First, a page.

Veterans Are More Diverse Than You Think
Paul Rieckhoff is the Executive Director and Founder of Iraq and Afghanistan Veterans of America (IAVA), a non-partisan non-profit group with over 100,000 members around the world. Since founding IAVA in 2004, it has become America’s first and largest Iraq and Afghanistan Veterans organization. Rieckhoff is now a nationally recognized authority on the war in Iraq and issues affecting troops, military families and veterans.
After graduating from Amherst College in 1998 with a degree in Political Science, Rieckhoff coached high school football, worked on Wall Street, participated in the rescue efforts at Ground Zero on 9/11, and served as an infantry platoon leader in Iraq from 2003-2004. In the spring of 2004, Rieckhoff became one of the first Iraq veterans to publicly criticize the war, call for better care for Iraq and Afghanistan veterans, and demand accountability from elected officials. In 2006 Rieckhoff also published Chasing Ghosts, a critically acclaimed account of his experiences in Iraq and activism on behalf of veterans.
Question: Can you describe the typical veteran coming home from Iraq and Afghanistan?
Paul Rieckhoff: I think that there's no typical veteran coming home. They're not a totally homogenous group. But to frame it up broadly, they are about 2.2 million men and women who have been to Iraq and Afghanistan since 9/11. There are some new elements of this population that are sometimes surprising to the average American. 15 percent are women. At times almost 50 percent of the folks deployed have been National Guardsmen and Reservists. They're from all over the country. Many of them have served multiple tours; more than 500,000 have gone overseas more than once.
I had dinner with a Navy Seal recently who just got back from his seventh tour. They come from all different political backgrounds. They're much more economically diverse than I think most people imagine; they're not all broke and uneducated and from a housing project or trailer park. There is some pretty decent diversity.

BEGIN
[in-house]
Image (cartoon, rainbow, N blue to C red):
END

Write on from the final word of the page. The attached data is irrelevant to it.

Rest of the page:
And they joined for a lot of different reasons. Some join because they want to serve their country. Some join because they want to fight the Taliban. Some join because they want health insurance. There's really a lot of different reasons why they join, but the common theme is a sense of service. And they all volunteered, which really makes it different from any other generation of warriors that we've had in this country.
And when they come home, they face a really unprecedented disconnect. Less than one-half of one percent of the American population has served. In World War II it was as high as 12 percent. So what's really unique about this generation of warriors coming home is that they feel alone. They feel isolated, and most of the American public doesn't have someone in this fight. They don't have skin in the game. They don't have a brother, sister, daughter, or son fighting in Iraq and Afghanistan. So for the folks coming home, that can be a big part of their challenge coming home.